With the U.S. approaching the one year mark since the start of the coronavirus disease (COVID-19) pandemic, John J. Farmer Jr., director of the Rutgers Eagleton Institute of Politics, discussed the roles that different levels of government play in responding to national emergencies, as well as what the future of these responses may look like.
While the degrees of responsibility between state and federal governments often vary in regards to national emergencies, he said this responsibility has traditionally fallen on the shoulders of individual state and local governments, rather than the federal government.
“Most emergencies are best handled, at least tactically, at the state level, and even in states, sometimes at the local level,” Farmer said. "The protocols that are in place call for the governors to really be the most significant decision-makers in handling crises.”
Though, he said this emergency-response strategy may sometimes prove ineffective when responding to a national pandemic.
“What we’ve seen happen, though, with the COVID-19 pandemic, is that that protocol is simply inadequate to deal with a crisis that does not respect the political boundaries that define our emergency response system,” Farmer said.
He said that inefficiencies caused by this strategy are partially responsible for the uncoordinated response to the pandemic at its start, as well as more recent national issues, such as vaccine distribution.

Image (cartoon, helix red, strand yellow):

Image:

A multi-faceted future of national emergency response protocol may be more effective than current policies, Farmer said, with the establishment of clearly defined mutual interstate and international compacts being one of the potential ways to better fight national emergencies like pandemics.
He said that international governing bodies should take larger roles in future emergencies that impact many countries and that more caution should be taken in general going forward.
“I think (agencies like the United Nations and the World Health Organization) need to be strengthened, and they should be part of this reassessment of how allocations of responsibilities should be made in cases of pandemics because, you know, no one thinks this will be the last pandemic,” Farmer said.
He also noted the importance of looking to history as a guide for navigating national emergencies. Farmer specifically discussed the different ways that two major cities, Philadelphia and St. Louis, responded to the spread of the H1N1 virus in the early 20th century, where Philadelphia opted to host mass gatherings and St. Louis proceeded with more lockdowns.
“It was reflected almost instantly in the results, which we had massive, massive deaths in ... Philadelphia from the Spanish flu and much better results in St. Louis,” he said. “So you can derive lessons from the past.”
Despite the H1N1 pandemic taking place more than a century ago, Farmer spoke about the more relevant teachings to be considered today.
“Mask wearing became effective a hundred years ago and has proven effective this time as well,” he said. “Banning mass gatherings was demonstratively proven to be effective 100 years ago and ... should have been effective this year, but it wasn’t because people disregarded the warnings … and I think those lessons are there to be learned from.”